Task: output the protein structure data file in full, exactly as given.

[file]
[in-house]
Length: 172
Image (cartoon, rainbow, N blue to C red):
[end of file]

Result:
[in-house]
Length: 172
Image (cartoon, rainbow, N blue to C red):